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Image of Saber (with lion-headed hilt and scabbard )

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Saber (with lion-headed hilt and scabbard )

Creation date: 1850s
Creation place: India

Other Information

Type: Steel Saber
Medium and Support: Steel, brass, enamel, wood and fabric
Credit Line: Edwin Binney 3rd Collection
Accession Number: 1990.1496.a-b
Dimensions: 35 3/16 in. x 5 3/4 in. x 2 9/16 in. (89.38 cm x 14.61 cm x 6.51 cm)

Label Copy

June 2005
Tastes in Asian Art Installation
The fine quality of the hand-wrought watered steel blade reveals the distinctive process known as damascening, which produces the wavy lines in the steel of pre-modern arms and armor from the eastern Islamic world.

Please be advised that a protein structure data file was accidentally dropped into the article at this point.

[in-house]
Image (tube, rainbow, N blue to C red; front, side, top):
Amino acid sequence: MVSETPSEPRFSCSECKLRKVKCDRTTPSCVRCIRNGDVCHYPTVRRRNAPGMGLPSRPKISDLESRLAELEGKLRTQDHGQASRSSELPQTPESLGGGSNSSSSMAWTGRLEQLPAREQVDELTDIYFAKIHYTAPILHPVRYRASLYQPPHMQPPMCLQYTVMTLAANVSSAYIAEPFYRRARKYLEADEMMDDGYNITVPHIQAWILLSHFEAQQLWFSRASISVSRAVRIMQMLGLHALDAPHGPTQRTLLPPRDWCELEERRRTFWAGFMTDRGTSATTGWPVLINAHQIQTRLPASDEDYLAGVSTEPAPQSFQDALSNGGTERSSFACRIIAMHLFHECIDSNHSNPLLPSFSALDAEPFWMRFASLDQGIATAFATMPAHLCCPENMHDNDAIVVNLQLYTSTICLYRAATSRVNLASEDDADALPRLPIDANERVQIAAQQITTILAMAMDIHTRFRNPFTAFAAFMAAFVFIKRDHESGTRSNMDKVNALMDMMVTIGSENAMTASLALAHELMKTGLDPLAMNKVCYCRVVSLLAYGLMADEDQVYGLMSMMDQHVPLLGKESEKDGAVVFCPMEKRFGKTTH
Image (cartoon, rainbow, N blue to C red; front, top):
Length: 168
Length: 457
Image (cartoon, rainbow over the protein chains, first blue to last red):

The cloth-covered wooden scabbard has been fitted with brass rings that would have been used to fasten the weapon to the wearer's belt, as can be seen in the paintings of battles and hunts.
Lion heads ornament the end of the hilt and two sides of the pommel. The lions are shown baring their teeth and roaring in a form that continues a two-millennia-old Persian tradition. The green and blue enamel ornament includes vegetation, peacocks, cranes, ducks, and fish. Such imagery conjures thoughts of the paradise that the holy warrior hopes to reach upon death; the birds are metaphors for the Muslim faithful on their quest to reach God.
Last Updated: 9/5/2017

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